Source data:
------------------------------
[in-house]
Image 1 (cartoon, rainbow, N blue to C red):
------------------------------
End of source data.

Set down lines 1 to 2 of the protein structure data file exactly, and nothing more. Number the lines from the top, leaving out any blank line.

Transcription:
[in-house]
Image 1 (cartoon, rainbow, N blue to C red):